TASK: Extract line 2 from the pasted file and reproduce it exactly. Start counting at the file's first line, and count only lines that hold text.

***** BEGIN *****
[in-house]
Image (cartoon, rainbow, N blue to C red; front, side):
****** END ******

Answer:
Image (cartoon, rainbow, N blue to C red; front, side):